Use of molecular beacons to verify that the serine hydroxymethyltransferase pseudogene SHMT-ps1 is unique to the order Primates.

Devor EJ - Genome Biol. (2001)

Representation of the SHMT-ps1 region amplified by the C1/B6 primers. The positions of the two molecular beacon sequences E8/E9 and E9/E10 are shown in relation to the exon-exon boundaries in SHMT-ps1.
© Copyright Policy
Related In: Results  -  Collection

Show All Figures
getmorefigures.php?uid=PMC25776&req=5

Figure 2: Representation of the SHMT-ps1 region amplified by the C1/B6 primers. The positions of the two molecular beacon sequences E8/E9 and E9/E10 are shown in relation to the exon-exon boundaries in SHMT-ps1.
Mentions: Thermodynamic studies of molecular beacons suggest that conformationally constrained probes display enhanced hybridization specificity as a general feature [8]. The states in which a molecular beacon can exist are a random coil, the closed hairpin/loop structure, and a linearized structure bound to the target PCR product. When two or more competing molecular beacons are present, the enhanced hybridization specificity results in the ability to discriminate between target sequences that differ by as little as a single nucleotide [8,9,10,11]. In the present study, in which molecular beacon probes were used singly as end-point reporters, they were able to tolerate multiple mismatches in the target sequences. Comparative sequences homologous to the E8/E9 and E9/E10 probes (Figure 2) from several species are shown in Table 1. As can be seen, the species-specific target sequences differed from the probe sequences by as many as nine bases, with the average difference being 2.5 bases. Confidence in the ability of these highly sensitive probes to reliably detect the presence of target sequences that differ from the probe sequence by numerous bases is supported by the observation that the most divergent targets, those belonging to the Old World monkey species for the E8/E9 probe, still gave positive, albeit weakened, results. On the other hand, potential targets that were perfect matches or that differed by only one or two bases did not give any positive indications in the lemur and non-primate mammal samples (Figure 1).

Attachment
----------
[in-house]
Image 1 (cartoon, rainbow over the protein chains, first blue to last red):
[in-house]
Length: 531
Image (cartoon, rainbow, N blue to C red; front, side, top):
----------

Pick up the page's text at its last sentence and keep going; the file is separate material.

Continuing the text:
Bottom Line: In a search for SHMT-ps1-specific sequences using molecular beacons across a range of mammalian species, SHMT-ps1 was only found in primates.The molecular beacon assays also showed that SHMT-ps1 is present in both Old World and New World species but not among prosimians.These results suggest that SHMT-ps1 originated close to the origin of the Anthropoidea, some 40 to 50 million years ago.

View Article: PubMed Central - HTML - PubMed

Affiliation: Molecular Genetics and Bioinformatics, Integrated DNA Technologies, Inc., 1710 Commercial Park, Coralville, IA 52241, USA. rdevor@idtdna.com

ABSTRACT

Background: The serine hydroxymethyltransferase processed pseudogene SHMT-ps1 has been suggested to be unique to the order Primates because of the failure to amplify this sequence by PCR from genomic DNAs of any non-primate mammal species. Here, 'molecular beacon' probes specific to SHMT-ps1 were used in an attempt to verify this suggestion.

Results: In a search for SHMT-ps1-specific sequences using molecular beacons across a range of mammalian species, SHMT-ps1 was only found in primates. The molecular beacon assays also showed that SHMT-ps1 is present in both Old World and New World species but not among prosimians.

Conclusions: These results suggest that SHMT-ps1 originated close to the origin of the Anthropoidea, some 40 to 50 million years ago.

Show MeSH